David Brand’s cycling friends will remember their mate this weekend as they ride the road where his life was taken 12 months ago today – June 23.
His widow Louise is marking David’s first anniversary simply and quietly with her sons, but she continues to advocate for a coronial inquest into his death and push for changes in the law, community attitudes, and policing resources locally.
The 72-year-old Merimbula local was killed while he rode his bicycle with friends on Mount Darragh Road at Lochiel between Eden and Pambula.
While the incident happened on June 23, 2018, David’s death in hospital came on July 3, the result of extensive head injuries received in that one moment eleven days prior.
The actions of thirty-seven-year-old Lochiel man Nathan Cumming in that one moment were found to have contributed to David’s death.
In sentencing Cumming in Bega Local Court in February, Magistrate Doug Dick said the crime was “properly categorised as road rage.”
Cumming was given a 12-month Intensive Correction Order, fined $5,000, and ordered to complete 200 hours of community service, for his undisputed role in David’s death.
Solicitor Mark Hagan acknowledged Cumming, “should not have stopped and should not have got out of his car,” and that Cumming should have kept driving.
Police Prosecutor, Sergeant Liza Brown said the events of that day, had “changed the lives of many on Mount Darragh Road.”
And that if Cumming had “kept his opinions” about the rights of all road users to himself than David would still be alive today.
Cumming, who had four prior negligent driving and speeding offences to his name, was warned that further offences could see him inside a jail cell.
In her ongoing campaign to honour her husband and have David’s death mean something and inspire change, Louise has been active with political and legal leaders.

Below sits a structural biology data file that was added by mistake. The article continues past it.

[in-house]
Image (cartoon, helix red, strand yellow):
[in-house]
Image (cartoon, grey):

In a letter to the NSW Coroner, Louise is seeking an inquest to deal with the issues David’s death raises. She has also met with the Member for Bega and NSW Roads and Transport Minister, Andrew Constance, with the support of the Bega Tathra Safe Ride committee.
“As the anniversary of my husband’s death from a road rage incident on the Mt Darragh Road nears, I was very pleased to get an invitation to meet with Andrew Constance MP to discuss issues surrounding David’s death and my request for a Coronial Inquest into it,” Lousie says.
“Andrew’s support of my position was very encouraging and one of the few positive things to emerge in what has been a very difficult year for me and my family.”
Lousie says she appreciates the compassion and concern Mr Constance displayed. His office has confirmed to Region Media that he will write a letter of support to the NSW Coroner.
Among the issues, Louise says she and Mr Constance agreed on were:
- To investigate greater access to a Crash Unit on the Far South Coast, and to understand fully why this unit was not called to the incident involving David as it meant vital forensic evidence was lost;
- To analyse the leniency of sentencing into a road rage incident which resulted in a man’s death;
- To progress education about the safe passing laws in the wider community as at present they seem to be very poorly understood;
- To explore the fact that we have safe passing legislation but that this legislation is not being adequately enforced;
- To address why road rage is on the increase in our community and what we can do to reduce it;
- To support the introduction of new laws which deal with the interfering of any road user by a member of the public, resulting in injury and/or death of that road user.
“All of these issues are central to my request to the NSW State Coroner for an inquest into David’s death. I am extremely heartened that Andrew has agreed to write to the Coroner as my local member in support of my request for a Coronial Inquest,” Louise says.
Doug Reckord, Secretary of Bega Tathra Safe Ride was at the meeting with Mr Constance, “It has been inspiring for us to see a person, who has experienced such a devastating loss, working so hard for justice for David, while also constructively advocating for road safety improvements that will benefit all road users, not just those on bikes,” he says.
“In February this year, Louise Brand was not obliged to read her Victim Impact Statement to the court but did so because, as she stated, – he [David] would have done that for me.”
Drawing on the power that comes with occasions like today, Louise says, “On this important anniversary for me, I would urge all road users over the coming period, and nearing school holidays, to be mindful of other’s rights to be on the road and to share that road with tolerance and patience.
“Remember – your road rage can kill.”
Region Media requested an interview with Andrew Constance but he has been unavailable.
Check your understanding of the road rules for cyclists and drivers at the Centre for Road Safety website.